Explore BrainMass

Bankruptcy as a Strategic Financial Tool

This content was STOLEN from BrainMass.com - View the original, and get the already-completed solution here!

What are the ethical implications of corporations such as United Airlines and General Motors which utilize bankruptcy as a strategic financial tool to reduce their pension and health benefit obligations?

© BrainMass Inc. brainmass.com October 25, 2018, 7:20 am ad1c9bdddf

Solution Preview

The ethical implication is that companies that hide from financial obligation by invoking bankruptcy are liars in the highest degree. This is what Kilpi (n.d.) meant when he said that the fundamental ethical problem in bankruptcy is that insolvents have promised to pay their debts but cannot keep their promise.

The bankruptcy law is being abused by companies to run away from paying benefits of their employees.

Using this law, United Airlines got a favorable ruling from a federal bankruptcy judge allowing the company to terminate its pension plans covering some 134,000 workers and retirees (Mattera, 2005).

The troubled airline, which declared bankruptcy in December 2002, said that it would stop funding its pension plans while it ...

Solution Summary

This solution discusses how bankruptcy is used by companies in dodging financial obligations.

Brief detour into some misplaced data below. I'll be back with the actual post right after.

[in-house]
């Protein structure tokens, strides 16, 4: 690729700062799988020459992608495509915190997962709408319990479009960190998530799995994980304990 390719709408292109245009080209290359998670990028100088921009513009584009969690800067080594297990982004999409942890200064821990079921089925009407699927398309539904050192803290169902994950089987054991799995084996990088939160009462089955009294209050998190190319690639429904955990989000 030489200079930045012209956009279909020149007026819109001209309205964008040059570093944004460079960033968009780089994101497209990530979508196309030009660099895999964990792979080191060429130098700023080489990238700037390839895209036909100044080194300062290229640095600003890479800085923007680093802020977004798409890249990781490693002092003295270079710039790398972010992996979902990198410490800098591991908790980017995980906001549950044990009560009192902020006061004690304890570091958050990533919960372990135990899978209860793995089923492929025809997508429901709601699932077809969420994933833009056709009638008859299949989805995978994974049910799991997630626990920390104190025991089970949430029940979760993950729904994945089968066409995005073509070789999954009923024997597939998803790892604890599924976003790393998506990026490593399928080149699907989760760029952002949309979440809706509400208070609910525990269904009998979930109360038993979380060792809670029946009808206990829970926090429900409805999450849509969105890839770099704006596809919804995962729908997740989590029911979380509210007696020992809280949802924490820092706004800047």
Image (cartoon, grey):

See Also This Related BrainMass Solution

Financial Perspective

Please I need help with the following:

Referring to the application of the Balanced Scorecard with a close look at the financial perspective and with an assessment of the use of the balanced scorecard in Saatchi & Saatchi, one of the premier advertising and "creative service" organizations (although they have certainly had their ups and downs over the last ten years or so. Here's how this process has been described:

"Faced with a set of brutally tough choices in the Nineties, Saatchi & Saatchi's leadership team defined a new vision and global strategy and set stretching three-year financial goals. In this study, Paul Melter, Worldwide Director, CompaSS, explains how the balanced scorecard was used to turn ambitious strategic aspirations into operational reality."

The article from which this summary is taken can be found here:

Greenhalgh, C. (2004) Building a Strategic Balanced Scorecard: Saatchi & Saatchi Complementary Case Study. Business Intelligence Company. Retrieved November 11, 2008, from http://www.business-intelligence.co.uk/PDFdownloads/strat_bsc/Saatchis r.pdf

Review this article, and in approximately 3-3 1/2 pages prepare an analysis of how Saatchi & Saatchi implemented the balanced scorecard and its apparent effects.


The analysis should be structured in terms of the following four issues;

Introduction: What was the situation for Saatchi & Saatchi in the mid 1990s? The management team adopted an approach that was primarily two-pronged: the financial perspective and the customer perspective. In terms of the financial perspective, what goals did the new leadership set for the company?

Analysis: How did the company categorize its different business units (agencies)? What strategies were chosen for each unit? Saatch & Saatchi also adopted several strategies that related best to a customer perspective. What were they?

Conclusion: Did the financial strategies make sense for each given unit? Why or why not? Did the acquisition by Publicis Groupe SA change the results of the BSC? Now that you have analyzed both "prongs", did the two approaches worked in synthesis or in conflict?

View Full Posting Details